Who Am I?
Ben Sloat, Millee Tibbs, Lauren Cross, Stephanie Fetter
September 23 - November 13, 2010
Reception: Thursday, September 23, 6 - 8 pm
Hours: Saturday, September 25, 12 - 5 pm
Saturday, October 30, 12 - 5 pm
We're also available by appointment.
Summer's over and we are pleased to open Drive-By's fall 2010 season with, Who Am I?, an exhibition of drawings by Lauren Cross, photographs by Stephanie Fetter and Millee Tibbs, and a window installation by Ben Sloat.
Drive-By's storefront windows are the perfect venue for Ben Sloat's Pencil of Nature. Responding to William Fox Talbot's 19th century periodical of the same name, Sloat continues his exploration of personal identity with an interactive installation that invites the viewer to experience an enhanced live visual. Sloat's modified camera obscura isolates an image of Drive-By's tree-lined neighborhood as it would be viewed by a passerby, highlighting Fox Talbot's belief that the camera could serve as a vehicle for capturing each person's unique vision.
Millee Tibbs's ongoing project, Do you look like me? investigates the relationship between visual resemblance and identity. Using a Polaroid passport camera, Tibbs creates a photographic archive of subjects who are her visual doppelgangers, and presents each image side-by-side with a similarly staged portrait of herself. Though her frontal poses and direct lighting are reminiscent of passport photos and other institutional ID photos, Tibbs's seemingly straightforward, "you and me" photographs evoke a range of subjective emotions and associations centering around the viewer's own sense of identity.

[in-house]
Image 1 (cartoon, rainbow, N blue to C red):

Plain, brown paper bags provide the backdrop for Lauren Cross's evocative, portraits of iconic African American women. Wearing an outfit ranging from from ball gown to leisure suit, each woman seems to have selected her outfit and pose to inform the viewer of who she is and where she fits in. Though these drawings seem colorful and upbeat, subtle cues seen in a facial expression or gesture suggest that Cross's subjects may not be as secure as they appear in the roles that their race, class, and gender have assigned.
Stephanie Fetter, an emerging artist and graduate student at RISD, photographs herself in an array of manufactured guises. Her black and white headshots, shot against a neutral backdrop, suggest ubiquitous, photo-booth pictures. Yet, Fetter's use of props and found objects adds a theatrical, and often humorous touch to these ingenuous self-portraits. As the artist dons different headgear (net vegetable bags, potting soil, leaves) she seems to be exploring her multiple personae.
Located at 81 Spring Street in Watertown, MA, Drive-By is a small, innovative space committed to exhibiting provocative work in its storefront windows and small exhibition space. Founded by Beth Kantrowitz (Allston Skirt Gallery) and Kathleen O'Hara (OHT Gallery) Drive-By is open for special events and by appointment, though you can always drive by to view the current exhibition.